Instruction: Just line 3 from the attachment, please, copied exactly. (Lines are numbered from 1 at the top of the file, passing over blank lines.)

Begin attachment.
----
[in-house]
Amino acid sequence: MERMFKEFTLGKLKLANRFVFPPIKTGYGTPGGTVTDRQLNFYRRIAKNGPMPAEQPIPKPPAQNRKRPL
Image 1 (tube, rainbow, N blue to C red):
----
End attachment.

Image 1 (tube, rainbow, N blue to C red):